Stay tuned for my next post, in which I’ll discuss some of my favorite workout songs. 

Never Too Soon: 5 Budget-Friendly Tips for Planning Your Summer Vacation

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I know it’s only early March, but I can’t stop thinking about the upcoming summer. Based on my personal experience, it is never too early to begin planning your summer family vacation.

If you’re like me, the two most important things to keep in mind while mapping out all the madness are fun and affordability.

The best way to make sure you plan a memorable vacation for everyone that won’t break the bank is to begin planning NOW! Below are 5 helpful tips for mapping out the perfect summer vacation that will, thankfully, be here before you know it. 

1. Research potential destinations with your kids.

This process can be quite enjoyable. All you need to do is spend a few hours online with your children as you investigate possible destinations. They can scout out places that pique their interest, and you keep an eye out for the best deals. 

2. Book everything NOW!

Whether it is a hotel, flight, or rental car, get the best deal possible by booking it now. It’s possible to get a great deal by booking at the last minute, but is it really worth the stress?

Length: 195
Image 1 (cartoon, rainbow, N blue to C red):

Right now is the time to book the lodging you’ve been eyeing. Ask for a discount before you lock in your reservation. Simply call or email and ask if there are any discounts for special memberships such as AAA or for folks who want to book several days. 

3. Plan your meals.

Try to stay someplace with a kitchen or a fridge. If that is not an option, try to stay somewhere that offers a free breakfast. The last thing you want to do is waste time and money having to eat all your meals in a restaurant every day of your vacation. 

Have a picnic for lunch when you can. Bring your own sandwiches to the park or the beach. Remember: kids typically don’t like waiting in restaurants anyway, so try to avoid them. 

4. Resist impulse purchases by researching specific mementos.